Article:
For centuries, every civilization on Earth has looked skyward to the sun and depended on it for energy, heat, light and even a place of worship. Ancient sun worshippers believed the sun to be a deity and would offer sacrifices and tributes to the sun gods and goddesses. Today, scientists look to the sun for knowledge about our atmosphere and how it impacts life on Earth.
The sun is the nearest star to Earth. It provides energy to millions and has been studied more than any other part of our galaxy. Recent findings from a NASA satellite have provided more details about the sun's outer atmosphere than have ever previously been discovered.
The Interface Region Imaging Spectrograph (IRIS), launched by NASA in June 2013, is a small explorer satellite orbiting Earth with a telescope on board that is getting up close and personal with the part of the Sun's atmosphere known as the "chromosphere." It's this middle layer of the Sun's atmosphere, also called the "interface" region, which is providing researchers with some surprising information.
There are five findings that have most intrigued the team analyzing the data from IRIS. They are:
--Hot Pockets. No, not snack food, but something much more interesting. The satellite has discovered pockets of heat much lower in the region than any other spacecraft has found. These pockets are super heated to 200,000 degrees Fahrenheit and are referred to as "heat bombs" by scientists because they release such large amounts of energy in a very short time. Understanding these pockets will be key for understanding how the rest of the atmosphere is heated.
--Loops. The telescope on board the IRIS satellite has sent back images with incredibly high resolution and they reveal numerous loops of solar material. Evidence suggests that these loops are the structures that transfer energy between the solar regions. The images will provide researchers with a way to model coronal loops for further study.
--Tornadoes. The wizard can't help Dorothy get away from these twisters. Moving at 12 miles per second, scientists believe that the energy stirred up from these mini-tornadoes is transferred from the interface region to the corona, contributing to the super hot temperatures there.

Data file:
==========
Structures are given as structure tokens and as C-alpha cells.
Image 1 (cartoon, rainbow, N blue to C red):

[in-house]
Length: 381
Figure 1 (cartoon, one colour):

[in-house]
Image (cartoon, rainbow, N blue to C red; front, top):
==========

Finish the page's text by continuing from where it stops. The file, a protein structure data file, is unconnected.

--Breaking Wind. Scientists have long sought to understand more about how the solar wind works. The IRIS satellite has detected powerful jets that explode from coronal holes, where the atmosphere is less dense. These jets are much like fountains, only they shoot plasma in short bursts. Scientists believe these short jets are an ongoing source of the solar wind.
--Flares. While large solar flares in the corona have been studied and observed in previous missions, for the first time scientists have discovered small nanoflares that are impacting the interface region. Normal solar flares in the corona shoot energized particles into space at a high rate of speed, often affecting satellites and power grids. These much smaller nanoflares, in addition to contributing to coronal heating are creating high-energy particles that are showing up in the chromosphere.
While budgetary issues and cost factors are always a concern in satellite missions such as this, according to Bart DePontieu, IRIS project Science Lead, "This research really delivers on the promise of IRIS, which has been looking at a region of the sun with a level of detail that has never been done before."